For those of you who follow along with THE WINDOW: Sports Betting Podcast in Canada, you know that we are taking a very statistically analytical approach to betting on the NHL so it makes perfect sense that the good people of The Action Network kindly allowed me to put pen on paper for various games throughout the season

The best part about focusing on metrics when it comes to handicap is that you can get an unbiased view of a game your youth team is involved in. As a fan of the Canucks from the days of Pavel Bure, I can do the Reading numbers in black and white and allowing them to dispel all prejudice when placing a bet

For this matchup between the Canucks and the rival Flames, the metrics tell two very different stories

Their numbers for the Canucks are not looking particularly good so far this season. My personal model, which we affectionately call “Let’s Do That Hockey” in the podcast, the Canucks has about 10% below the league average

Of course, the good news for the Canucks is that it’s early, so we have to take this with a grain of salt.This grain involves a crucial loss for the Oilers in the second of two consecutive games that opened the season that game contained a hat trick from Connor McDavid that would make any team salty

In those two games, the Canucks and Oilers combined scored 5 against 5 weird 47 High Hazard Chances (HDCs)

The Canucks competed against the Calgary Flames on Saturday night, and it was a whole different story for Vancouver when they only generated two HDCs in a 5v5 ratio, which the kids also call an outlier

Since the two HDCs are not just below the usual Canucks number, but about a quarter of the league average, I assume that Vancouver will be on the way to the mean in this very specific situation, as the teams have been in this one so far Season have done

The Flames won the game 3-0 on Saturday You only have five high risk chances of your own when at full strength and you haven’t implemented any of them. Where did the Flames’ goals come from? Power game in the first, power game in the second, power game in the third Nothing 5 against 5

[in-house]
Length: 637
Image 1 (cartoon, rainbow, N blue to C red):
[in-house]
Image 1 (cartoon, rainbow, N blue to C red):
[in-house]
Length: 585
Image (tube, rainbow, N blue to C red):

So early in the season we have to dig a little more than just relying on what the model pulls out, but the model only suggests the Flames as -110 favorites with a 3-0 win on Saturday and a high profile one Overtime against Winnipeg has a lot to do with the fact that the current price is significantly higher, with only four highly dangerous chances at the start and five more on Saturday, the Flames don’t click exactly on 5 against 5, which is why I still have them in the league average

There’s one final thing to note that this game is a Saturday night rematch. With so many games to play against an opponent in two consecutive games this season, everyone is wondering if there will be an extra level to that Hinder rematch

So far there have been 11 completed rematches between the teams, and according to my quantitative analysis, the losing team has increased their probability of winning the second game seven times by 13% or better (an average increase of 28%) Three teams played with negligible change, and the one team that played worse in the second game (the Detroit Red Wings) actually won

It’s a small sample size, but if you just ignore these types of trends, it’s often too late to use them

There are many reasons to avoid the Flames as favorites here, but if we take a conservative approach and incorporate a profit increase of at least 10% for the Canucks that lost the first game, the Canucks’ chance of winning will be better than 50 %

On top of that, we may even see an improved goalkeeping matchup for the Canucks, provided Thatcher Demko kicks off and the Flames give Jacob Markstrom his first night off

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Canucks vs Flames

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